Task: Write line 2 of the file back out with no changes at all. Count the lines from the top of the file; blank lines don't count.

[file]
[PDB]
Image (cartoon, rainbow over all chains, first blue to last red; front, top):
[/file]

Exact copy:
Image (cartoon, rainbow over all chains, first blue to last red; front, top):